JMat – Mistakes can be expensive so I would take business courses early on. Secondly, I would have accepted Helen Le Feaux’s offer to train as her apprentice. I would have studied with her for two years to learn the art of European Haute Couture.
R!c – H&M seems to be the measuring stick for cost.   Your work is priced considerably higher for many reasons. Do you feel you need to educate people about your craftsmanship and effort?
JMat – No, because I’ve built my business one woman at a time. I don’t advertise so personal referrals are essential. My goal is for each woman to feel amazing so they understand the quality they’re buying.
R!c – Where and who do you like to see wear your dresses?
JMat – It’s most thrilling when I see a real woman on the street wearing my designs. Once in Manhattan I saw a lady wearing one of my dresses. And to my surprise she recognized me! She was Canadian but it was still an amazing experience.
R!c – Does your design process start with fabric, color or the world around you?
JMat – It always starts with the touch and feel of the fabric.   I’ll loosely sketch a few pieces then move to a mannequin. It’s more about reacting to what I see and taking a build-as-I-go approach. I don’t always see the end beforehand.

R!c – If you could seat anyone in the front row of your next show, who would you pick and why?
JMat – Grace Coddington (American Vogue’s Creative Director). She has an interesting and unique point of view.
R!c – If you could pick any model to walk in your next show, who would you pick and why?
JMat – Linda Evangelista.   In the 1990s she was very versatile and had an individual and almost unconventional look.
R!c – If you could dress any celebrity, past or present, who would you like to see walk into your studio?
JMat – I’m not enamoured with celebrities but Beyonce can wear almost anything. She’s the whole package with looks, face and body.
R!c – Who are your fashion idols?
JMat – Alexander McQueen! I like John Galliano for cut and design. I feel most akin to Tom Ford in terms of brand and the whole aesthetic. I like the classic designs of Dior, YSL and Oscar de la Renta. I love cutting, drafting and old school dress making.
R!c – Your work consists of: Collection, Bridal and Babe lines. What’s next?
JMat – Bridesmaid dresses. Often times my bridal customers inquire about dresses for their wedding party so it’s a natural progression.

R!c – What non-fashion activities do you enjoy?
JMat – I like books and old movies that show the human spirit. I like to see/read what makes people tick.   “Auntie Mame” is one of my favorite movies.
It’s been a pleasure to talk to you. Thank you for your time and I look forward to the next time we meet!

Romielle Pre-Collection Party

Nov, 30th, 2013

Iryna, Anastacia & Micah

When Anastacia and her girlfriends arrived at Vancouver Fashion Week (VFW, September 2013) they literally turned heads with their hats, heels and Romielle (pre-collection) dresses.
Today Anastacia held a private sample sales event for close friends, fashionistas and bloggers. It was also an opportunity to see more of her pre-collection. Incidentally, Romielle is a combination of her two daughter’s names: Romi and Lielle. She’ll team-up with her mom Irina who has 30 years of tailoring experience.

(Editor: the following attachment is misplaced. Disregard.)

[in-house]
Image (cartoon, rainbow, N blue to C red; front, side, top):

The event was held in the breathtaking West Vancouver home of her girlfriend. I arrived when it was dark but I was told English Bay could be seen from the living room! Guests were treated to chocolate candies, wine and a variety of sliced meats and cheeses. The washroom doubled as a change room for guests wanting to try on outfits before making a purchase.
The event featured three distinct collections:

  1. Romielle – Classic, elegant and sophisticated style.   This line is suited for dressy social functions. Click Romielle to visit her site.

  3. Drama Queen – Moving forward this name will represent her business of importing private designer dresses.

  5. Olya Shishkina – Extremely soft leather jackets with amazing zipper details. Yes, Olya is from the London-based Xsenia & Olya label.
    Click Xsenia & Olya to see highlights of their Spring/Summer 2013 collection.

It was a nice evening for nibbling, mingling and impromptu photo shooting. I look forward to seeing the full Romielle collection at VFW in March 2014.

Gala was very comfortable in front of the camera.
Is it a purse? Is it for carrying wine? It’s both, it’s a Wine Croc Purse! This was bought at True Fab.

Drama Queen

Yana, browsing the rack of DQ imports…
I learned Yana is Gala’s Hair Stylist
Gala, hmmm I think I’ll try this one…
Gala mentioned she modeled in the past.
You can’t have an outfit without accessories!
Dasha (an aspiring Designer) having a chat with Irina (Anastacia’s mom and Romielle partner)

Olya Shishkina

Oh so soft…
Every jacket was a different color and a different design!
Amazing zipper details!
Dasha is a Designer inspired by Alexander McQueen
Yana relaxing after a night of shopping and modeling!

Fashion Designer – Barbara Hulanicki

Oct, 2nd, 2011














I must confess I knew very little about Barbara Hulanicki or her iconic label Biba when I attended her interview at the Convention Center. It wasn’t until I wrote this blog that discovered how she revolutionized the fashion world.
Currently we take for granted our ability to buy clothes in a range of colors, styles and fabrics. However, that wasn’t always the case. According to the Vancouver Sun article, “Life Beyond Biba”, if a woman in 1960’s London wanted something fashionable, she had order it from a European fashion house. It typically took months to arrive. Otherwise, she would have to be content with the prevailing restrictive styles and colors limited to brown or beige.

Accessories Designer – Daniela

Oct, 2nd, 2011


I arrived early to get a good seat for the Barbara Hulanicki interview.  Minutes later an attractive lady sat next to me.  She had a warm smile and a Canon camera.  We easily struck up a conversation about photography and fashion.  When I asked about her unique headband, she mentioned it was one of her designs!  In fact she’s partners with two other women and their online business is based out of Venezuela.
Later that evening I visited her site.  Some of the headbands had a vintage look while others were more contemporary.  They even had a bridal hair piece but my favorite was the “Chan”.  It’s a very simple pleated black velvet collar.  It would look perfect with a black strapless cocktail dress.
There’s lots of pictures and information to view.  So keep your eyes open for links in unique places.


Be sure to visit Oh! Nena when you have a moment.